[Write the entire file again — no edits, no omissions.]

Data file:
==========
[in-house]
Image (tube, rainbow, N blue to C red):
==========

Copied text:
[in-house]
Image (tube, rainbow, N blue to C red):